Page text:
Report of the State’s Attorney for the Judicial District of New London Concerning the Use of Deadly Physical Force by a Norwich Police Officer Resulting in the Death of Michael Dugas on February 24, 2013, in the City of Norwich
Section 51-277a of the General Statutes provides that, whenever a peace officer in the performance of his or her duties, uses deadly physical force upon another person and such person dies as a result thereof, the Division of Criminal Justice shall cause an investigation to be made and shall determine whether the use of deadly physical force was appropriate under Section 53a-22 of the General Statutes. On February 24, 2013, such an incident occurred when Norwich Police Officers used deadly force resulting in the death of Michael Dugas in the City of Norwich. Supervisory Inspector Philip Fazzino of the Office of the State’s Attorney for the Judicial District of New London was notified after the shooting and inspectors immediately went to the scene. The Connecticut State Police Eastern District Major Crime Squad conducted the investigation in conjunction with inspectors from this office. Detective Daniel Cargill submitted the completed investigatory casebook which this writer has adopted and incorporated into his report. It is the conclusion of the undersigned that the use of deadly physical force was appropriate. This report is filed pursuant to 51-277a(c) of the General Statutes.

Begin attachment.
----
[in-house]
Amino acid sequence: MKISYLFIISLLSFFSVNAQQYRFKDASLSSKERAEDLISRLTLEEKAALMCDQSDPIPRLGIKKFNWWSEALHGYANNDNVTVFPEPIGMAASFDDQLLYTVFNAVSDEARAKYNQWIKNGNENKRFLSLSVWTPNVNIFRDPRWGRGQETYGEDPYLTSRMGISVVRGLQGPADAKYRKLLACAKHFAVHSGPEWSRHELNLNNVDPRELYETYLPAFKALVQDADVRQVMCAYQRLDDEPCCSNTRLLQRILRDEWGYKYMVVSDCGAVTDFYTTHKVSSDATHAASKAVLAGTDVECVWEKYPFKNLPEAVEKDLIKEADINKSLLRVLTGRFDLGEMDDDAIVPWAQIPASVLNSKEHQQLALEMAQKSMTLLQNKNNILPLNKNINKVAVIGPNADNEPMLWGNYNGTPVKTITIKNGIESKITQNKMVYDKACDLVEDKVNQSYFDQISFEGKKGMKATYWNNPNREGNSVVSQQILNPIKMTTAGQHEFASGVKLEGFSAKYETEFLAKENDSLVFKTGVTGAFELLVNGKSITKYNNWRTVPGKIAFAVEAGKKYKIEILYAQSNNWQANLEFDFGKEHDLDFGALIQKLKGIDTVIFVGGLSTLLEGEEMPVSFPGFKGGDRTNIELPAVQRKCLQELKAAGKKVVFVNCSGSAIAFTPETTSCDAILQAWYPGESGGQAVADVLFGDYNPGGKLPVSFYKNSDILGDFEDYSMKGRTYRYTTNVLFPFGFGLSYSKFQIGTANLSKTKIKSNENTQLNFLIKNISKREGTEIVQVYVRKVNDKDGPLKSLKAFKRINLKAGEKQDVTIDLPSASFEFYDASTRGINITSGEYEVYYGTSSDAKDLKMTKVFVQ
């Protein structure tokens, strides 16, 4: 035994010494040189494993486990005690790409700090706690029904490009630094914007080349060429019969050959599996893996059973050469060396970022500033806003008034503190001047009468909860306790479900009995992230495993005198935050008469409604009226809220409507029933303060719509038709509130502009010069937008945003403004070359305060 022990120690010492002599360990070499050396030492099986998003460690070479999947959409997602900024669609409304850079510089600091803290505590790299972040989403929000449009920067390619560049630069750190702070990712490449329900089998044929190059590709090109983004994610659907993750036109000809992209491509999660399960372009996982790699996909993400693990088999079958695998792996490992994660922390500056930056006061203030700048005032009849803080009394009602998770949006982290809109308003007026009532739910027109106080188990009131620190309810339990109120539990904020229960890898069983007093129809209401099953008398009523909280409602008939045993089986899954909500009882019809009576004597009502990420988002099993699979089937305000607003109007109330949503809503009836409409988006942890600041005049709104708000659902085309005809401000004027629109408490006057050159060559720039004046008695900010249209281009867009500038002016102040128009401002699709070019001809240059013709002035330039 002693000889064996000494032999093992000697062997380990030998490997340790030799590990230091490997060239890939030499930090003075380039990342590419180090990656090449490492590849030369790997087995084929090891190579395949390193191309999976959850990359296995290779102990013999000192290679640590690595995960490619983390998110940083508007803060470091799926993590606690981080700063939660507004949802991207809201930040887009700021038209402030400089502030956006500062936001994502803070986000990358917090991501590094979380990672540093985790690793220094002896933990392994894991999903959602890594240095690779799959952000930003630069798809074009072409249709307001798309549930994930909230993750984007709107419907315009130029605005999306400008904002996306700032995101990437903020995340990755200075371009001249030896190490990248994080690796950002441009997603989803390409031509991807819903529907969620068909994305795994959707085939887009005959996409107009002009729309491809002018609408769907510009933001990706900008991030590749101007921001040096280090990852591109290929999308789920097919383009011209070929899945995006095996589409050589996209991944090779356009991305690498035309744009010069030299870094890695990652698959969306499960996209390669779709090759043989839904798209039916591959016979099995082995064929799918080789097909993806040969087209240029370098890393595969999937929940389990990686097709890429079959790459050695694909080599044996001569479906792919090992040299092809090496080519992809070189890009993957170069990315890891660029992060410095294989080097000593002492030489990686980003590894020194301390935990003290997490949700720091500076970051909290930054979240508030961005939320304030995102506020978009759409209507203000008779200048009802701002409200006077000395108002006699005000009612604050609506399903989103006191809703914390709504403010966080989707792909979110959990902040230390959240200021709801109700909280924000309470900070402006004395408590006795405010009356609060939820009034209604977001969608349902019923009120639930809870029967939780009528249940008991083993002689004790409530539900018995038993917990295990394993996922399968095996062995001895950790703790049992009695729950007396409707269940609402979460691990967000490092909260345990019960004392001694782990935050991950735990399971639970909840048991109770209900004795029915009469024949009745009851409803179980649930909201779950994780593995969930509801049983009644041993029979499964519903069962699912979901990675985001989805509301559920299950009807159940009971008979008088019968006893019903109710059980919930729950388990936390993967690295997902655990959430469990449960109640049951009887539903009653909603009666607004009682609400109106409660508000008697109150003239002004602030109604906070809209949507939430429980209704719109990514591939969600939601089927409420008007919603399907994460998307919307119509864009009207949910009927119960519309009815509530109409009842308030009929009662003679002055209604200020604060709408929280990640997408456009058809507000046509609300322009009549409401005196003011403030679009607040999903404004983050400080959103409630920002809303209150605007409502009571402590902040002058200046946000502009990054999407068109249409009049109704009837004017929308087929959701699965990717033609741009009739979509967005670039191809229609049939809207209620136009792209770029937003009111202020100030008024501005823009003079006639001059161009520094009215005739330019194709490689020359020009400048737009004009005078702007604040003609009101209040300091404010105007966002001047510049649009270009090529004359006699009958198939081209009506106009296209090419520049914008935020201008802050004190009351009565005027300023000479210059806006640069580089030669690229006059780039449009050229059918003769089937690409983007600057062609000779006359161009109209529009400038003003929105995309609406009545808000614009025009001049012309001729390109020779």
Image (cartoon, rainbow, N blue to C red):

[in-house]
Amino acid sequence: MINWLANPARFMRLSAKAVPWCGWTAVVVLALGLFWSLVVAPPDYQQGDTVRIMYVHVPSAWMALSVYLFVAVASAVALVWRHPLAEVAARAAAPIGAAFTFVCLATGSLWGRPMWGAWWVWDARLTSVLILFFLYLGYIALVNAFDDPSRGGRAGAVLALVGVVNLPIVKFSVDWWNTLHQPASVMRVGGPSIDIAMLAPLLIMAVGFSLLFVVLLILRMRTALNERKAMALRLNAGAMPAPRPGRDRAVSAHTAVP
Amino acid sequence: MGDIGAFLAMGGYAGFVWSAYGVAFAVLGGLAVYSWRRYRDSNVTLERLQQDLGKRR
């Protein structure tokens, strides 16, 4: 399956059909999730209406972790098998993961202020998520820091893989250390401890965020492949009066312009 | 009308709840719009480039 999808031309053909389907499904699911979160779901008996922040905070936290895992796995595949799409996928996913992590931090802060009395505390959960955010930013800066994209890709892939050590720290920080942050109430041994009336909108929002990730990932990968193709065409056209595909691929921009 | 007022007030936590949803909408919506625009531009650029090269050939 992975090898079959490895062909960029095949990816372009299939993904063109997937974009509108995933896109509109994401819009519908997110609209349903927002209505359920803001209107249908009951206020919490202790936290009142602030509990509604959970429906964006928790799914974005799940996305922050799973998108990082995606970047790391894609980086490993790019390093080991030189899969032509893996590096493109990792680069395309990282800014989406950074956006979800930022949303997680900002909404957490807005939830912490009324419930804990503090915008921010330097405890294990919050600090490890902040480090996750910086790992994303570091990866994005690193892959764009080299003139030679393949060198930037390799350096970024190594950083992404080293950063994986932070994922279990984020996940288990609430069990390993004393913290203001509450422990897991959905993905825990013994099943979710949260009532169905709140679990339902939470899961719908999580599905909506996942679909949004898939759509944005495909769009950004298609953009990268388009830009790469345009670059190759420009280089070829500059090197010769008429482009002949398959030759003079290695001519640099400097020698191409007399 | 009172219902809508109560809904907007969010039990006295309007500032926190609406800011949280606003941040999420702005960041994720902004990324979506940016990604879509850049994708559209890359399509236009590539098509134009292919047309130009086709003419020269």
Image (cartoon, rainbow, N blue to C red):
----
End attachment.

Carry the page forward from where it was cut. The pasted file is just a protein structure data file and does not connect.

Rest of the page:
On Sunday, February 24, 2013, at approximately 7:18 p.m. Norwich Police received a 911 call from a male, who appeared to be under the influence of alcohol or drugs. Caller ID indicated the phone number was (860) 887-0184. The male, later determined to be Michael Dugas, d.o.b. 12-25-60, of 172 Laurel Hill Avenue, Norwich, reported seeing a white male with a gun on the green located at River and Laurel Hill avenues. The 911 dispatcher observed that the call originated from 171 Laurel Hill Avenue. Norwich police officers were dispatched to the green on Laurel Hill Avenue for a reported white male with a gun. Upon arrival Dugas was observed standing in the center of the park with his hands concealed in his sweatshirt pocket. Officers took cover around the park and attempted to engage Dugas in conversation and have him show his hands. All attempts were unsuccessful. A K-9 officer thereafter ordered Dugas to lie on the ground with his hands out or the officer would release his K-9. After refusing the third command to lie on the ground, Dugas drew a black revolver from his sweatshirt pocket and pointed it directly at the K-9 officer. One officer yelled to Dugas to drop the gun. Dugas refused and continued to point his gun at the officer. Officers then discharged their weapons, striking Dugas six times. Dugas fell to the ground. Officers approached Dugas, kicked the gun out of his reach and handcuffed him.